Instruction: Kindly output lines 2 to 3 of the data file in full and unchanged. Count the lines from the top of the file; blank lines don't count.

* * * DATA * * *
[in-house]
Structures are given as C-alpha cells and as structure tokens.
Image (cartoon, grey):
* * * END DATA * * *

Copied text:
Structures are given as C-alpha cells and as structure tokens.
Image (cartoon, grey):